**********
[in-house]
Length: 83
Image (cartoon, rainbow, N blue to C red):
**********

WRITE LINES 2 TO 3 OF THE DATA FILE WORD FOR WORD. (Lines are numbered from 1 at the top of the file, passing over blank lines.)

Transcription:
Length: 83
Image (cartoon, rainbow, N blue to C red):